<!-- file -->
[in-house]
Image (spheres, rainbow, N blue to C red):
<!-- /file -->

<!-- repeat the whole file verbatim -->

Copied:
[in-house]
Image (spheres, rainbow, N blue to C red):